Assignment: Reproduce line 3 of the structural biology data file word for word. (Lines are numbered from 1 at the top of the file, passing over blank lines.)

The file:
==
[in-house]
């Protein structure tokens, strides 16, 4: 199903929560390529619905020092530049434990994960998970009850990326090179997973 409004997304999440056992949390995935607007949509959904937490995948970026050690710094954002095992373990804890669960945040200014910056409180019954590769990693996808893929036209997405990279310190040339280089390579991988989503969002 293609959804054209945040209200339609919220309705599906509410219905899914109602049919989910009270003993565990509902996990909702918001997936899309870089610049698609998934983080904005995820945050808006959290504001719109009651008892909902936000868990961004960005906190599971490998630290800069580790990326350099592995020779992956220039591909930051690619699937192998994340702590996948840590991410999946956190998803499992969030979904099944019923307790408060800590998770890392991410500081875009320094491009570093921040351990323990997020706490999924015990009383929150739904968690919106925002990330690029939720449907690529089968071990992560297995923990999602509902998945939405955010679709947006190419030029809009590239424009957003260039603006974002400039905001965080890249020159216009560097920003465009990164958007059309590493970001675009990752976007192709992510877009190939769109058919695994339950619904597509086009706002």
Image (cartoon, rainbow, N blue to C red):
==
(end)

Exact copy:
Image (cartoon, rainbow, N blue to C red):